Ancient Gymnasium Unearthed in Oasis Shows Impact of Greek Life in Egypt - GreekReporter.com

PEROU –142oo5oelanrzd9ssy3afi P9x7soyiyrwnjjo58734q 04w1max367sqpxsqtmcu339  Pachacámac, - Dating from between 800 and 1100 AD, seventy-three intact “burial bundles” have been discovered by a Polish-led team at Pachacámac, an archaeological site south-east of Lima Belonging to the time of the Wari Empire, the discovery was made by a group of archaeologists employed by the Pontifical Catholic University of Peru. Led by Professor Krzysztof Makowski, the finds were made in a cemetery complex close to the so-called Painted Temple. Aware that much of the site had been robbed and desecrated, Makowski and his colleagues zoned in on a plot where an Incan period wall had collapsed as they had theorised that the piles of adobe bricks would have made the area difficult to rob. Their hypothesis proved correct. Notable for their near perfect state of preservation, it’s been revealed that some were initially buried individually, and others later in groups. Containing people of both genders, several were found wearing carved masks or adorned with ceramics placed on ‘false heads’. The importance of Makowski’s findings stand to shape our understanding relating to the cultural development of the pre-Hispanic Andes. So far, the discoveries seem to contradict commonly accepted facts. Presenting a different character during the period of the Wari Empire, the uncovered fardos appear to demonstrate that Pachacámac was not a sacred city for the whole time between the construction of the Old Temple and the arrival of the Spanish. In total, as many as nineteen of these bundles will now be transferred for laboratory tests that will include CT scans – these will allow for computer analysis to be made without opening them.

Polish archaeologists find over 70 ‘burial bundles’ in Peru – The First News

USA – 6cf296be96a621f82623004820ce7850 Rhode Island - An Australian museum is doubling down on its previously contested claim that a shipwreck off the coast of Rhode Island is the long-lost ship once sailed by British explorer and cartographer Captain James Cook. The Australian National Maritime Museum on Thursday said two new discoveries offer further evidence that a shipwreck located in Newport Harbor, Rhode Island, is the final resting place for the HMS Endeavour, a British Royal Navy vessel sailed by Cook during his first discovery voyage and the first European ship believed to have reached the eastern coast of Australia. The two recent findings held up as further evidence of the shipwreck's identity include the discovery of a pump well and part of the wreck's bow, the museum said. Museum researchers compared the new discoveries with archival plans of the Endeavour that were created during a British admiralty survey in 1768, After comparing the wreck to the historical documents, archeologists were able to accurately predict where the ship's bow would be located and found a unique joint in the timber matching information included in the original plans, according to the outlet. The Endeavour served to transport British troops during the Revolutionary War before being "scuttled" — or deliberately sunk — in 1778. Researchers believe the ship was one of five British vessels that now lie 39 meters below the Newport Harbour waters.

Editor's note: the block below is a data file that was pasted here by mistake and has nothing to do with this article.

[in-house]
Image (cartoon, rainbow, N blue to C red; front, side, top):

New discoveries suggest Rhode Island shipwreck is Captain Cook's long-lost vessel after battle over ship's identity (yahoo.com)

ALLEMAGNE – Seven swords min Mecklenburg - Volunteer archaeologists found bronze age seven swords and from the 11th century 6000 silver coins in the northeastern German state of Mecklenburg-Vorpommern. The seven swords were found in fragments near Mirow (Mecklenburg Lake District). Scientific dating has shown that the swords date back to the Bronze Age. Their age is estimated at around 3,000 years. The swords were likely left in the lowland area as a ritual or sacrificial offering, officials said. Although such deposits of valuable items are not unusual, so many Bronze Age swords have never been discovered in one place in Mecklenburg-Western Pomerania. According to the release, volunteers also discovered two other sets of finds, both from the 11th century, in different areas of Mecklenburg-Vorpommern. A collection of 6,000 silver coins was unearthed in Rügen, officials said. The find is the largest Slavic coin hoard of the post-war period to date.

In Germany, volunteers unearthed the largest hoard of Slavic coins to date and bronze-age seven swords - Arkeonews

CHINE – Liangzhu - The research on Liangzhu ruins, located in eastern Zhejiang province, mainly delved into hypotheses regarding the city’s development phases and its pioneering water conservation system for its time, the official Xinhua agency reported. The findings offer a preliminary understanding of the three development phases of the Liangzhu city with a concept that the evolution began with scattered settlements, followed by the establishment of a sophisticated water conservancy system, culminating in the construction of the ancient city. The archaeological site, recognized as a UNESCO World Heritage site, stands as a crucial testament to the existence of Chinese civilization dating back at least 5,000 years. According to the heritage administration, recent archaeological discoveries and research findings have unveiled the evolution of settlement management and urban construction concepts, as well as insights into the belief system of the ancient Liangzhu inhabitants, a civilization thriving around the lakes of the Yangtze River delta five millennia ago.